Technically this shouldn’t even belong in the K-drama category, but it still is part of dramas. Many people I’ve talked to criticize HK (Hong Kong) dramas because they’re always about police and crime solving dramas. But, I really don’t have anything against police dramas. It’s really entertaining and I find that these dramas are actually a lot better than the other dramas out there. I feel like there’s an actual story and plot when it comes to police dramas. I remember watching a lot of dramas that were more of family or daily life, and it’s pretty pointless, but I just continue to watch because I want to know how it ends.
I’ve spent my days, a few weeks ago, watching E.U (2009) and Lives of Omission (2011) and I really couldn’t stop. I think I was watching about 10 episodes each day and was fitting an episode or two during my breaks between classes. This is why I never watch dramas when the full series is out. I always have to know what happens and I can’t let it go until I find out. But I’ve figured that if I really need to stop, I have to stop in the middle of the episode, where it’s a little boring because the end of an episode usually ends with a cliffhanger. The worst part is that both of these dramas are 30 episodes (which is double of K-dramas!), which means I spend double the time watching these series. At first, I really thought it was quick because each episodes are actually about 40 minutes long, compared to the hour for K-dramas, but I do find that there is more humor and its lighter than most K-dramas.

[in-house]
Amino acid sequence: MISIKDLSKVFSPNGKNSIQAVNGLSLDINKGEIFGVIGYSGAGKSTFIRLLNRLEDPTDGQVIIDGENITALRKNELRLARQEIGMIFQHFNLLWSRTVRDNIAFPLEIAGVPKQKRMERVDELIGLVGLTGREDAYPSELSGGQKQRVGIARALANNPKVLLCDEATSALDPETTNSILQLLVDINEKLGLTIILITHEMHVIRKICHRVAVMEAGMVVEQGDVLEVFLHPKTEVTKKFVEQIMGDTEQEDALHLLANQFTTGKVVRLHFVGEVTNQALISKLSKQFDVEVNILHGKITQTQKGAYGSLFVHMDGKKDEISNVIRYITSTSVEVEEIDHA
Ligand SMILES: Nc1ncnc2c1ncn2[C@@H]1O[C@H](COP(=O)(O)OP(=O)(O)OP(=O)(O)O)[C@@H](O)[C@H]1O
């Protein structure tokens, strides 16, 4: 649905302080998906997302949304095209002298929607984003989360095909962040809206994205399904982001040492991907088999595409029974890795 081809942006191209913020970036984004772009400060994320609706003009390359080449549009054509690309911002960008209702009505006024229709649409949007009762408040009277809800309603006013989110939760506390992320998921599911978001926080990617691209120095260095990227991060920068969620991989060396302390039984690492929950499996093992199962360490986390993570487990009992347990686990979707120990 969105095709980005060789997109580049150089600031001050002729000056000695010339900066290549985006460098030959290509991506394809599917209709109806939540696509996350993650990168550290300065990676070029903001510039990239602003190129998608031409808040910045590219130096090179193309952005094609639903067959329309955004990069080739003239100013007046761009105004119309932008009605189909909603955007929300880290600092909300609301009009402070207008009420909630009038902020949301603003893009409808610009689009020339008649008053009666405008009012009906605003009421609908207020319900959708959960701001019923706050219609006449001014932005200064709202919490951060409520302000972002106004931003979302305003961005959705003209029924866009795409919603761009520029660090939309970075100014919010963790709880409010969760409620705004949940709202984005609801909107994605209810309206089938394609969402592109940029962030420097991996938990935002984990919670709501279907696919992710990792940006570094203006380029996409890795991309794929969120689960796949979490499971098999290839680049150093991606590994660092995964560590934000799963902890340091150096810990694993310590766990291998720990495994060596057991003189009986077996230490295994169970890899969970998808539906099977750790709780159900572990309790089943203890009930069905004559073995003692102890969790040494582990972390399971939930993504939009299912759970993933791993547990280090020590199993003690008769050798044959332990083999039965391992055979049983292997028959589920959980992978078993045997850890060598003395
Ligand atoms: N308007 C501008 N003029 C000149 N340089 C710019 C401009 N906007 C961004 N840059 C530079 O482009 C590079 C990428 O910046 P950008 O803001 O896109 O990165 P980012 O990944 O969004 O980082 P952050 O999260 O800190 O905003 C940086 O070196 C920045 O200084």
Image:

But reality is, I feel like I understand HK dramas more because it’s my own language and can understand without subs. I’ve noticed that there’s actually so many phrases and jokes that are just lost in translation. The subs don’t really do it any justice either. The subs do get the gist of it, but there are certain phrases that makes what a person says a lot funnier than it’s supposed to be. I wonder if that’s the case for K-dramas too. Too bad I’ll never know because I’ll never be a native Korean speaker. But it does feel absolutely great to be able to understand without subs. Is this how native Korean speakers feel?